Answers in the wind: using local weather studies for family history research

Abstract

Records of local weather events are a neglected resource for historians wanting to explain family events and family patterns. In the UK, the collation of weather reports commenced in 1860, Gordon Manley’s work in the 1950s produced the Central England Temperature series from 1659, and the National Archive and National Meteorological Archive hold many individual records, including over a thousand private weather diaries. The family historian can use documents associated with the parish chest to support the investigative cycle of research, analysis, hypothesis and proof. With that method in place, explanations can be developed from accessible and easily understood sources. The process leads us towards a closer understanding of our ancestors’ relationship with their world – the weather is an experience which we share with them, and a broad awareness of the local climate can provide a means of ‘colouring in’ their lives.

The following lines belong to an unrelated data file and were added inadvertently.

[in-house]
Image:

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Published
2017-09-03
How to Cite
Noble, Malcolm. ( 2017) Answers in the wind: using local weather studies for family history research. The Journal of Genealogy and Family History. 1 (1). pp. 1-6. doi.org/10.24240/23992964.2017.030103 : accessed 22 September 2017.
Section
Articles